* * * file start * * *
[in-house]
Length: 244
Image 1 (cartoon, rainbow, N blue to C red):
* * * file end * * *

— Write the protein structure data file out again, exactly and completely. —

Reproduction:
[in-house]
Length: 244
Image 1 (cartoon, rainbow, N blue to C red):